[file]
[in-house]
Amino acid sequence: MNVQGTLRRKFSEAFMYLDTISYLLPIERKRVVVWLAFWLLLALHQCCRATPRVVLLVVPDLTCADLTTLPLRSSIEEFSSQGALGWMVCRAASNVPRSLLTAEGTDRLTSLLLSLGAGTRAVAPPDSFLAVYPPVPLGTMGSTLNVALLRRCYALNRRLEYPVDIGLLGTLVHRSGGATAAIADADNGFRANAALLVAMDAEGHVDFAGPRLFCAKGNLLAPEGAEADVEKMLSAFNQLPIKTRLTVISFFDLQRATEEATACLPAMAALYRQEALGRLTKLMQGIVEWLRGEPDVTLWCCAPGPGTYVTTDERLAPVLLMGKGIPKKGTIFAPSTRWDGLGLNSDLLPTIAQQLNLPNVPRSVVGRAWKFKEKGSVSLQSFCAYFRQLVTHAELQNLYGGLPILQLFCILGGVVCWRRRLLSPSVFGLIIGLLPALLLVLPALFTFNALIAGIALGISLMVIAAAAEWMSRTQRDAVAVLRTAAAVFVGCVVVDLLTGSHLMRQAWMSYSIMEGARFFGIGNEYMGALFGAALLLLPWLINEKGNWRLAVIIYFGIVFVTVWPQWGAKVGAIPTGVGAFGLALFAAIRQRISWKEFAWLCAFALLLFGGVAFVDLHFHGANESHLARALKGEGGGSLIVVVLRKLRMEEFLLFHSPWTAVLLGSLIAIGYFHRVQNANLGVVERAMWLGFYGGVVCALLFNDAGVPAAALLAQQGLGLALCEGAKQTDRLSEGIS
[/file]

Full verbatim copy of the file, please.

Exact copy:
[in-house]
Amino acid sequence: MNVQGTLRRKFSEAFMYLDTISYLLPIERKRVVVWLAFWLLLALHQCCRATPRVVLLVVPDLTCADLTTLPLRSSIEEFSSQGALGWMVCRAASNVPRSLLTAEGTDRLTSLLLSLGAGTRAVAPPDSFLAVYPPVPLGTMGSTLNVALLRRCYALNRRLEYPVDIGLLGTLVHRSGGATAAIADADNGFRANAALLVAMDAEGHVDFAGPRLFCAKGNLLAPEGAEADVEKMLSAFNQLPIKTRLTVISFFDLQRATEEATACLPAMAALYRQEALGRLTKLMQGIVEWLRGEPDVTLWCCAPGPGTYVTTDERLAPVLLMGKGIPKKGTIFAPSTRWDGLGLNSDLLPTIAQQLNLPNVPRSVVGRAWKFKEKGSVSLQSFCAYFRQLVTHAELQNLYGGLPILQLFCILGGVVCWRRRLLSPSVFGLIIGLLPALLLVLPALFTFNALIAGIALGISLMVIAAAAEWMSRTQRDAVAVLRTAAAVFVGCVVVDLLTGSHLMRQAWMSYSIMEGARFFGIGNEYMGALFGAALLLLPWLINEKGNWRLAVIIYFGIVFVTVWPQWGAKVGAIPTGVGAFGLALFAAIRQRISWKEFAWLCAFALLLFGGVAFVDLHFHGANESHLARALKGEGGGSLIVVVLRKLRMEEFLLFHSPWTAVLLGSLIAIGYFHRVQNANLGVVERAMWLGFYGGVVCALLFNDAGVPAAALLAQQGLGLALCEGAKQTDRLSEGIS